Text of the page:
It does not become less effective with alcohol

Alcohol or drug use does not make Levonelle or ellaOne any less effective. However, it is important to note that one of the primary side effect of excess alcohol consumption – vomiting – can impact on the effectiveness of oral contraceptives such as EHCs. If you vomit within two hours of taking emergency contraceptive Levonelle or within three hours with ellaOne, it is recommended that you seek medical advice where you will be either given another dose of your preferred EHC or fitted with an IUD.

Make sure you keep safe

In addition to offering trusted advice, Express Pharmacy can help you order the morning after pill discreetly. Simply select your treatment, complete our medical questionnaire and checkout to access a range of fast delivery options.

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All You Need to Know About the Flu Virus

Posted Thursday 24 November 2016 17:32:00 by Tim Deakin in Primary Care Givers

flu vaccineWith winter fast approaching, the health headlines are filled with seasonal cold and flu stories. It is indeed the time of year when the flu virus strikes and for older people in particular being struck down by this winter bug can be especially debilitating.

Most commonly suffered between December and March when the weather is at its coldest and your immune system more vulnerable, you may have already encountered seasonal flu. Knowing exactly what seasonal flu is and what you can do to protect yourself is the key to making the festive season a pleasant one and not a pain-filled one.

What is seasonal flu?

Flu or influenza can strike at any time of the year but is more common during the winter months. Flu is essentially a virus that is extremely infectious and rather unpleasant, and whilst it is often mentioned in the same breath as the common cold, the two are very different. The common cold and seasonal flu are the result of different virus groups, and with the flu, symptoms such as fever, fatigue, headaches, coughs, aches and pains start suddenly and last for much longer.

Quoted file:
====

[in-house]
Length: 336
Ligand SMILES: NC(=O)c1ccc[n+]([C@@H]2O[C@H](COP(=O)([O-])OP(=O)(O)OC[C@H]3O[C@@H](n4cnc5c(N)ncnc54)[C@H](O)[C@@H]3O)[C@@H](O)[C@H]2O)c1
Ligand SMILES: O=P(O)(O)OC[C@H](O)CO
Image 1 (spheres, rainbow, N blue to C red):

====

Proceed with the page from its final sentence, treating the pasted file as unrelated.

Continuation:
There are three types of flu virus, A, B and C, although C is much more rare than the other two forms of the disease. Once you have been infected, flu virus symptoms tend to appear within two to three days, however most will start to feel relief within one week. Children, older people and individuals with weakened immune systems however many feel unwell for longer periods.

For elderly people and those with long-term health issues, exposure to flu can also lead to serious complications, including chest infections and worsening of existing long-term health conditions. In rare cases, flu can cause tonsillitis, ear infections, sinusitis, convulsions, meningitis and encephalitis. Pregnant women are particularly vulnerable to infection, and the flu has been linked to pregnancy complications.

As we mentioned the flu is extremely infectious and is passed on from the nose and mouth of the infected person via coughing and sneezing.

What can you do to protect yourself?

There are many ways that you can protect yourself from the flu virus. As the infection is passed from person to person, good hygiene can go a long way in preventing its spread. In addition to washing your hands on a regular basis with warm water and soap, you should also clean surfaces that you commonly come into contact with or share contact with – door handles, computer keyboards and telephones are common culprits when it comes to the spread of flu. Using tissues to guard your mouth and nose when you sneeze or cough, and disposing of those tissues immediately, is also vital to stopping its spread.